Valve has its latest Steam Hardware Survey numbers up, and for the most part, they show that past trends are continuing. Windows 10 adoption is still on the rise: 45% of Steam users are now on Windows 10 64-bit. That number is up by 3.4% from May. Quad-core CPU adoption is rising too, albeit slowly—46% of respondees have CPUs with four physical cores, versus 47.2% with two. Intel still dominates the CPU sockets of over three-quarters of Steam users, while Nvidia GPUs occupy a PCIe slot in more than half of those folks' machines.
Valve's preliminary information on VR headset adoption is perhaps most interesting among the numbers it's collected. Apparently, two-thirds of VR users on Steam are using a Vive. No doubt ready supplies of the headset are a key driver of sales for HTC, but Valve's numbers probably don't represent headsets that aren't used with Steam apps. While the Vive is dominant, less than one-fifth of one-percent of Steam users (0.15%) have one, and only 0.22% of Steam users have VR headsets at all.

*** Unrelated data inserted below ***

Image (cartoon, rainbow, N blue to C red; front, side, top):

The GeForce GTX 970 is still the most-used discrete graphics card on Steam by a wide margin. 7.4% of DirectX-12-capable graphics cards on Steam are GTX 970s. The GTX 960 trails its GM204 cousin at about 5% share, and the GTX 750 Ti comes in third at 4.2%. DX12-capable cards are in 69.6% of Steam users' PCs, but only a little over half of that number are actually in Windows 10 PCs—a requirement to run DX12 software. It appears Valve tried to report Vulkan numbers as well, but that data unfortunately isn't being displayed correctly. We'll have to see how these trends continue to move once next month's numbers roll around.